Heroes do not always wear a uniform. They reveal themselves in times of emergency and the reality is they come in all shapes and sizes. We often call these unseen heroes Nation Makers. People that saw a need in their community and have taken it upon themselves to do something and help to make the world, no matter how broken and lost, the type of world they want to see.
In this cataclysmic, blizzard driven romp of a story, Shaw does a wonderful job of world building. I could feel my lungs ache and burn in the frigid temperatures as I stood on the lake shore staring out as wisps of blowing snow spun out and across the body of water’s frozen surface. To further my immersion in this white-bleached, wintry wasteland, Shaw effectively weaves a sense of intimate foreboding throughout the tale as I witnessed Bishop standing like a granite mountain as he shepherds flame-haired, Maeve and her party through the seemingly never-ending storm. Both natural and man made.
When you choose to live a preparedness lifestyle and building resilience you have to constantly challenge yourself, test and reset boundaries and change the game. Your willingness to do so could prove to be the difference in making your life all it can be or even in your survival some day. It’s 2016 and the world is on fire. It’s time to change the game…again.
When pulling together the nuts and bolts of your family’s preparedness plan, one of the biggest bolts to make sure you turn is long term food storage and it can be a daunting one. The secret is it really does not have to be difficult to square away your long term food storage. To prove it, I wanted to share a quick project that I knocked out in just a couple hours.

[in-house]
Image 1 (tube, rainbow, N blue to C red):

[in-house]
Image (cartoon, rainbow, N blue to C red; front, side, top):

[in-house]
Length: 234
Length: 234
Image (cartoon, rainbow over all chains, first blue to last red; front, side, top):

We recently visited our friend Gary at his home and it didn’t take long after arriving before I was pleasantly reminded of just how interesting visiting Gary can be. You see, Gary is like us in that he has chosen to do all he can to wrestle back some control of his life back from the system by doing whatever he can to build resilience into his every day life by embracing the homesteading lifestyle at every opportunity, including making his own whiskey. That’s right. I’m talking about whiskey.
Food insecurity is an unnecessary reality in the United States. It gets worse when you just stop to think of all of the (depleting and non-renewable) natural resources like water and fossil fuels (oil) that are being used to grow, produce, harvest, ship and store all of this food that eventually ends up some landfill somewhere and morphs into a climate destroying methane bomb. From the family table to the global climate, food waste and food insecurity is a problem in America that I think deserves our attention.
This was originally posted by Sharon Astyk from a position of resource scarcity consciousness, specifically peak oil, but the ideas that are mentioned could prove useful regardless of why you feel they would be necessary. I found it interesting and I hope you do as well. ========================================================================================================================================================================= 100 Things you …